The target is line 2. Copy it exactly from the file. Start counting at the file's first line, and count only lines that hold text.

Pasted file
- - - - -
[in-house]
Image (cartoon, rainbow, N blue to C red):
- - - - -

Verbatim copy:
Image (cartoon, rainbow, N blue to C red):